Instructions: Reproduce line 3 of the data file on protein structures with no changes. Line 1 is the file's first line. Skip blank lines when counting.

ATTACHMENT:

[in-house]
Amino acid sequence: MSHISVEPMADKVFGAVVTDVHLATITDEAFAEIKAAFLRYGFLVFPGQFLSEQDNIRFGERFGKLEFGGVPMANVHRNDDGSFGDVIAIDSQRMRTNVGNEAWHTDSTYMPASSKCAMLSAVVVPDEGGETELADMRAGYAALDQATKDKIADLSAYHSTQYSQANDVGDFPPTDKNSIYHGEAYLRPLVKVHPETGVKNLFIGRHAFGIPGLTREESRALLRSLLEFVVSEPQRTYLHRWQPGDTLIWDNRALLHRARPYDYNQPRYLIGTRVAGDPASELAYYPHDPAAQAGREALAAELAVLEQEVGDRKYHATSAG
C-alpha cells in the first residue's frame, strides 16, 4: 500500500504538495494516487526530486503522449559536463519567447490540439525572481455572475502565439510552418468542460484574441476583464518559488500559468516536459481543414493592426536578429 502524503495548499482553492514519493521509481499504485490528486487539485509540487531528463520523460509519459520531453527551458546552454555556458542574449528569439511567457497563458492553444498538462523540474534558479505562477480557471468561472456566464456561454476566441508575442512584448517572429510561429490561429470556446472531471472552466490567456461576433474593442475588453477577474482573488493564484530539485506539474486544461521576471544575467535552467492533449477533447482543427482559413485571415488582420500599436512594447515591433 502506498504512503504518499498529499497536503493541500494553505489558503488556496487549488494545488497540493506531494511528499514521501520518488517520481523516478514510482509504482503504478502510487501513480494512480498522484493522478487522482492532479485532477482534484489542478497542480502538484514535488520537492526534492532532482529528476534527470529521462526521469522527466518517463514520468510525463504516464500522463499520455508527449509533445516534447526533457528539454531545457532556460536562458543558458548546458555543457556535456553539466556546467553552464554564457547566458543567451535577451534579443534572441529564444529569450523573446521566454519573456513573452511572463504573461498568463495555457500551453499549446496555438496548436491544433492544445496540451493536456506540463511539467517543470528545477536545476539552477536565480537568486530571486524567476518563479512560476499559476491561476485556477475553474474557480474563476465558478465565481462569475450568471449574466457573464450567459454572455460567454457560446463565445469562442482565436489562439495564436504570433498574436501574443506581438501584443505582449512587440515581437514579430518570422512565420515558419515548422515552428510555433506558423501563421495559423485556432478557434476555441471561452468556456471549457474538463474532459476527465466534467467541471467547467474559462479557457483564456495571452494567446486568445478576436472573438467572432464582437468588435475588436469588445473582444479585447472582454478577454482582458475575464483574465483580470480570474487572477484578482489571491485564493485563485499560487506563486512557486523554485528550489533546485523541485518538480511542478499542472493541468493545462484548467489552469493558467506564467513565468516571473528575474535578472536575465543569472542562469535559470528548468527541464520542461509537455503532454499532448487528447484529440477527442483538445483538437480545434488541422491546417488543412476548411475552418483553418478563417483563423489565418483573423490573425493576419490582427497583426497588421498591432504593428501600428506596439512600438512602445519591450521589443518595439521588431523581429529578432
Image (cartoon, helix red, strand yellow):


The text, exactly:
C-alpha cells in the first residue's frame, strides 16, 4: 500500500504538495494516487526530486503522449559536463519567447490540439525572481455572475502565439510552418468542460484574441476583464518559488500559468516536459481543414493592426536578429 502524503495548499482553492514519493521509481499504485490528486487539485509540487531528463520523460509519459520531453527551458546552454555556458542574449528569439511567457497563458492553444498538462523540474534558479505562477480557471468561472456566464456561454476566441508575442512584448517572429510561429490561429470556446472531471472552466490567456461576433474593442475588453477577474482573488493564484530539485506539474486544461521576471544575467535552467492533449477533447482543427482559413485571415488582420500599436512594447515591433 502506498504512503504518499498529499497536503493541500494553505489558503488556496487549488494545488497540493506531494511528499514521501520518488517520481523516478514510482509504482503504478502510487501513480494512480498522484493522478487522482492532479485532477482534484489542478497542480502538484514535488520537492526534492532532482529528476534527470529521462526521469522527466518517463514520468510525463504516464500522463499520455508527449509533445516534447526533457528539454531545457532556460536562458543558458548546458555543457556535456553539466556546467553552464554564457547566458543567451535577451534579443534572441529564444529569450523573446521566454519573456513573452511572463504573461498568463495555457500551453499549446496555438496548436491544433492544445496540451493536456506540463511539467517543470528545477536545476539552477536565480537568486530571486524567476518563479512560476499559476491561476485556477475553474474557480474563476465558478465565481462569475450568471449574466457573464450567459454572455460567454457560446463565445469562442482565436489562439495564436504570433498574436501574443506581438501584443505582449512587440515581437514579430518570422512565420515558419515548422515552428510555433506558423501563421495559423485556432478557434476555441471561452468556456471549457474538463474532459476527465466534467467541471467547467474559462479557457483564456495571452494567446486568445478576436472573438467572432464582437468588435475588436469588445473582444479585447472582454478577454482582458475575464483574465483580470480570474487572477484578482489571491485564493485563485499560487506563486512557486523554485528550489533546485523541485518538480511542478499542472493541468493545462484548467489552469493558467506564467513565468516571473528575474535578472536575465543569472542562469535559470528548468527541464520542461509537455503532454499532448487528447484529440477527442483538445483538437480545434488541422491546417488543412476548411475552418483553418478563417483563423489565418483573423490573425493576419490582427497583426497588421498591432504593428501600428506596439512600438512602445519591450521589443518595439521588431523581429529578432